Is There Nothing of Value In Monica Lewinsky’s Forbes Speech?

My Facebook Feed reveals little sympathy for Monica Lewinsky. As she predicted in her speech, her words seem most to have ignited once dead embers into rants and retorts. So, is there really nothing of value in what Ms. Lewinsky said in her speech but more kindling to keep the fire going?

I asked our Youth Minister if he remembered the story of Monica Lewinsky in 1998. “Not really, I was 13.” I remember, but I am much older, a fact a round of golf with Brad reveals rather quickly.

The news of then President Bill Clinton’s tryst, (not) having sex with that woman, inflamed the Right. Seething with Clinton disgust, any story that would tarnish the Southern Baptist from Arkansas seemed welcome. The SBC rebuked the then President. But, every conservative wanted all the details and publicly. It seemed oddly titillating, a contradiction of sensibilities.

You may be sure hopes the story would stay buried took quite the hit when Ms. Lewinsky, that woman, recently spoke at Forbes’ 30 Under 30 Summit. What struck me is the response. No, I am not surprised. But, the comments I have read reveal the majority want only to remind the now older Ms. Lewinsky that she had the affair, that blame should fall to Bill Clinton for his abuse of position and power, and that she should, of all people, not be talking about cyber bullying since she has very little in common with Tyler Clementi.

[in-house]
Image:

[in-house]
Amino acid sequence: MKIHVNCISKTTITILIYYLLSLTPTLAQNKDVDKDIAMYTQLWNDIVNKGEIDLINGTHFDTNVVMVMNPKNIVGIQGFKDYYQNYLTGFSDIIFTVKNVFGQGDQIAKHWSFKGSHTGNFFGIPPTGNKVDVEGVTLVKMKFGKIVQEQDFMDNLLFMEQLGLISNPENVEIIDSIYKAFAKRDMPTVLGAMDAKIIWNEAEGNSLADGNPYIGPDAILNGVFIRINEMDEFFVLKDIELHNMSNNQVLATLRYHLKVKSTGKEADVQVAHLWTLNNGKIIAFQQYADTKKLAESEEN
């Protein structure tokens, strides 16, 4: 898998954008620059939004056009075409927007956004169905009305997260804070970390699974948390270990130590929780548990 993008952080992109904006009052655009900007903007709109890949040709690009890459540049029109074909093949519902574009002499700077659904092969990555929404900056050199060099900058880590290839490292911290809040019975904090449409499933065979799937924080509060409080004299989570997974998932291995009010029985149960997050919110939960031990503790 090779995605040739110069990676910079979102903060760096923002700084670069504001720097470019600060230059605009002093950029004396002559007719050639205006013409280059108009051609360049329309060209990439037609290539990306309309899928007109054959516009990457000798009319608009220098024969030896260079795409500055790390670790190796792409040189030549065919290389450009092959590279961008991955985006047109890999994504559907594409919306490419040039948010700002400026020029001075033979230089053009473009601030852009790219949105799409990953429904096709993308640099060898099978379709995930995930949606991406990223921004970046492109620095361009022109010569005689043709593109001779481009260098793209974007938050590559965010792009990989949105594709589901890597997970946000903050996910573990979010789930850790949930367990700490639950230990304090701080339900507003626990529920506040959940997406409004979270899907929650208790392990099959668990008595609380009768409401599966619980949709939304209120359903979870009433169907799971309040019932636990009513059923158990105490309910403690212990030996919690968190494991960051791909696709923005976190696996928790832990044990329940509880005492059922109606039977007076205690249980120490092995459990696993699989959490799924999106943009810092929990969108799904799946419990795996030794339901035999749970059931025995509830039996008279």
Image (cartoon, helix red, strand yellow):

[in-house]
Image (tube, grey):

Yes, what happened to Tyler is not exactly what happened to Ms. Lewinsky. And, what happened to Jennifer Lawrence is not exactly what happened to Ms. Lewinsky. To parse those particulars misses the point, egregiously.

ClintonIf you don’t think Ms. Lewinsky experienced bullying in the aftermath of the sordid tale’s disclosure, then you may need remediation as to what bullying is by definition. Then President Clinton bullied Ms. Lewinsky with denials. The media hounded her. The political machine did such a great job vilifying Ms. Lewinsky that President Clinton’s antics seemed somehow expected by those who haunt the halls of power. The stress of the job requires relief, something piously out of step.

To make this about Ms. Lewinsky’s poor choices is to victimize her again and this time by lesser lights that the Drudge Report. And, I am not suggesting I agree that Drudge is responsible for bullying. The story was going to be reported. It was after all news, even if the President played it off famously.

What struck me as missed by the harsh criticisms calling for Ms. Lewinsky to return to her private life, away from a microphone, are the following. And, maybe more than these.

First, parents suffer with their children, no matter who is at fault and to what extent. The consequences our children face, even if they follow from poor decisions, haunt we parents. When there are reminders of the dark moments we journeyed with our children, we remember. When Ms. Lewinsky wondered why her mother was so upset over Tyler Clementi’s death, she learned parents suffer with their children.

Pastors, many of us, journey with those who suffer. When we do it is not uncommon to find that certain stories or experiences trigger the dark memories. Sometimes we travel with those who suffer directly. Other times it is with those who are left by some tragic event. But, make no mistake, there is little erasure even when those feelings have been repressed for years.

When Ms. Lewinsky became startled at how her mother responded a chord was struck. The depths of her own experience, regardless how closely or not it paralleled Tyler Clementi’s or any other, brought to mind the need something needs to stop. And, she is right no matter how she arrived at her revelation. Her mother was right. She had suffered too.